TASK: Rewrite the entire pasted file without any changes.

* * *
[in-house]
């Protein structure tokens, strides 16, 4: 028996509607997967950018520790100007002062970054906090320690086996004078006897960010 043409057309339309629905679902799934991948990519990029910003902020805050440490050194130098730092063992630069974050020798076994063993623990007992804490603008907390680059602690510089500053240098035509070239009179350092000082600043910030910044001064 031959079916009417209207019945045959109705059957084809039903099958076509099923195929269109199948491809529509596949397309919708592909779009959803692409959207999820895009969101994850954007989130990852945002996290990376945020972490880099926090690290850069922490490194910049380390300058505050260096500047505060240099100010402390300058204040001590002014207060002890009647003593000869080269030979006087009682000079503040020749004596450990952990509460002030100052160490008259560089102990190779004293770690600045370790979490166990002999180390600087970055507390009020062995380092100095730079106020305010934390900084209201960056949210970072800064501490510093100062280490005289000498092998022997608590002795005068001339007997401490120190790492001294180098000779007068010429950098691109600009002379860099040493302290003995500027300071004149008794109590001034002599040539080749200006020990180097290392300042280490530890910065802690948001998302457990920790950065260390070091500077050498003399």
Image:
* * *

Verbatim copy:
[in-house]
């Protein structure tokens, strides 16, 4: 028996509607997967950018520790100007002062970054906090320690086996004078006897960010 043409057309339309629905679902799934991948990519990029910003902020805050440490050194130098730092063992630069974050020798076994063993623990007992804490603008907390680059602690510089500053240098035509070239009179350092000082600043910030910044001064 031959079916009417209207019945045959109705059957084809039903099958076509099923195929269109199948491809529509596949397309919708592909779009959803692409959207999820895009969101994850954007989130990852945002996290990376945020972490880099926090690290850069922490490194910049380390300058505050260096500047505060240099100010402390300058204040001590002014207060002890009647003593000869080269030979006087009682000079503040020749004596450990952990509460002030100052160490008259560089102990190779004293770690600045370790979490166990002999180390600087970055507390009020062995380092100095730079106020305010934390900084209201960056949210970072800064501490510093100062280490005289000498092998022997608590002795005068001339007997401490120190790492001294180098000779007068010429950098691109600009002379860099040493302290003995500027300071004149008794109590001034002599040539080749200006020990180097290392300042280490530890910065802690948001998302457990920790950065260390070091500077050498003399």
Image: